Senator Charles Schumer, D- N.Y., said on Sunday he is drafting legislation that would require U.S. government agencies to guarantee that families of deceased soldiers and other federal workers receive lump-sum payments of insurance death benefits.
At issue is whether life insurers that contract with the Department of Veterans Affairs and the Office of Personnel Management keep death benefits in potentially risky accounts and pay low yields to the survivors, rather than pay out lump sums upon the deaths of the policyholders.
Currently beneficiaries receive a checkbook, with funds held in an account at the insurance company that they can access by writing a check.
Schumer cited reports that have said the checks written by beneficiaries were merely IOUs from the insurance company that when presented to merchants were sometimes rejected.
The accounts, which are held within the insurance giants’ corporate accounts and earn interest for the companies, are also not FDIC insured, Schumer noted.
New York Attorney General Andrew Cuomo has subpoenaed eight insurers in a state investigation into whether life insurance companies had defrauded families of deceased members of the military. Among the companies subpoenaed were MetLife Inc. and Prudential Financial Inc., Cuomo said.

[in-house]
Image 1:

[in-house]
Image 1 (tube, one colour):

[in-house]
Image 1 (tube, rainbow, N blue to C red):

“The last thing that family members and loved ones of our soldiers should be worried about is whether the funds they expect to collect from a life insurance policy will be there when they need them,” Schumer, a New York Democrat, said in a news release.
“It’s deeply troubling that insurance companies would promote these accounts as if they were run-of-the-mill checking accounts, yet the insurance companies profit from the interest, and provide no FDIC guarantee that the money itself is insured.”
Schumer said his bill would require all insurance companies contracting with Veterans Affairs and the OPM to offer a lump-sum payout as the default payment mechanism, unless a beneficiary actively chose to keep the funds in a company-held account.
(Reporting by Chris Michaud; Editing by Steve Orlofsky)
Was this article valuable?
Here are more articles you may enjoy.